President Obama had a blunt response when asked Wednesday to explain how it felt to watch the Democratic Party suffer the worst electoral defeat in the House in more than half a century.
“It feels bad,” Obama said, facing the White House press corps a day after the election. He labeled the results a “shellacking.”
But while the president took responsibility for doing a poor job on a few issues, and said he wants to work with Republicans on matters such as energy, education and political ethics, he made clear that he does not regret passing the health-care overhaul that was a major factor in driving voter discontent.
“We’d be misreading the election if we thought the American people want to see us, for the next two years, relitigate arguments we had over the last two years,” Obama said when asked about Republican promises to dismantle the health-care legislation.
When he was reminded that one in two voters said they opposed the health-care bill, Obama shot back that the statistic “also means one out of two voters thinks it was the right thing to do.”
Obama signaled he is unwilling to compromise on his support for allowing tax cuts for those making $250,000 and above to expire on Jan. 1.
When asked whether he “didn’t get it,” Obama bristled.
“I’m doing a whole lot of reflecting,” he said.
He did signal he would be willing to cut a provision in the health-care bill that would require businesses to submit 1099 forms for all business to business transactions over $600.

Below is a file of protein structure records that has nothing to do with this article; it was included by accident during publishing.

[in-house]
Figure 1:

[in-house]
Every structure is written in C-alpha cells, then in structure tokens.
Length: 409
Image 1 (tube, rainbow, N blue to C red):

“If it ends up just being so much trouble that small businesses find it difficult to manage, that’s something we should take a look at it,” he said.
The president said that the economy and jobs was the main reason that Democrats suffered such a stinging loss. He said that his policies had made the economy better, but that “clearly too many Americans haven’t felt that progress yet, and they told us that yesterday.”
Later Obama acknowledged that while he does not believe the economy is going backward, “what you can argue is that we’re stuck in neutral.”
The president said he had not sufficiently worked with the business community or “[made] absolutely clear that the only way America succeeds is if businesses are succeeding.”
When asked whether he is out of touch with voters, Obama said that he may be perceived as such only because he spends too much time at the White House.
“There is a inherent danger in being in the White House and being in the bubble. Folks didn’t have any complaints about my leadership style when I was running around Iowa for a year. And they got a pretty good look at me up close and personal and they were able to lift the hood and kick the tires and they understood that my story was theirs,” Obama said.
“When you’re in this place, it is hard not to seem removed,” he said. “How do I meet my responsibilities here, here in the White House … but still have that opportunity to engage with the American people on a day to day basis, and give them confidence that I’m listening to them?”
Obama said that there was also something about an electoral rebuke to keep any commander-in-chief on his toes and aware of the will of the people.
“This is something every president needs to go through,” Obama said.
He added, to laughter: “I’m not recommending to every president that they take a shellacking like the one I took last night.”